Echo’s Social Justice Research Division has a lot of goals; one of them being to help us better understand each other and with that, hopefully find more common ground than differences.
Anyone in market research could easily articulate the importance of message testing. Almost anyone would also likely agree that there is full breakdown in communication when it comes to sharing or defining ideas across the political spectrum. Rallying cries or phrases used to make points are often misunderstood, poorly defined or simply hi-jacked.
With this year’s elections cycle over, we often found ourselves beholden to very simplistic polling. Who is ahead, who isn’t ahead, who agrees – “yes” or disagrees – “no.” Beyond the obvious problems of sampling bias – there is no nuance to anything.
The fact that the country is essentially divided in half regarding the best way forward is even further proof of the relevancy of this initiative to better understand messaging.
In thinking about all of this we decided to conduct a message test for the phrase “Defund the Police.” This phrase has been all of the things mentioned previously – poorly explained and broken down, misunderstood and hi-jacked.
We surveyed 2100 people with the primary source being our participant community. Beyond showing that a bit of education on messaging would go a long way in bringing people together we’re comfortable saying that research beyond polling can be done quickly and for relatively little money.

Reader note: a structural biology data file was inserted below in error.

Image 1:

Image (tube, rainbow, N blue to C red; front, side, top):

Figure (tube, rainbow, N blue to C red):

Not surprisingly – we learned that when this statement was broken out and defined there was significantly more to agree upon than what the polls would suggest.
Only 18% agree with both the term sentiment of Defund the Police while 32% say they agree with the sentiment, but not the term. 28% disagree with the term and sentiment with the remainder unsure.
A surprising learning is that the term and not the sentiment is the issue. People that completely disagree with “Defund” would only leave 25% of the budget as is while distributing 11% of it to training on identifying mental health issues and 29% to social service workers, community/youth health programs and outreach to people with behavioral/mental health histories. The rest would go to different police programs like training on non-violent de-escalation, military tactical training and mental health services for officers.
While some of the results were not surprising and some questions were answered – there were other areas that still feel like a more nuanced response might be useful. It made us think. We would like to understand more and dive even deeper into things.
It’s our hope that as you view these responses you feel the same way and we can, together, continue to explore the possibility of working together.
Contact us for a copy of the report.